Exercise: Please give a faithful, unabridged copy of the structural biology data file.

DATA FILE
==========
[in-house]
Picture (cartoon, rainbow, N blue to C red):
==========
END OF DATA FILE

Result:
[in-house]
Picture (cartoon, rainbow, N blue to C red):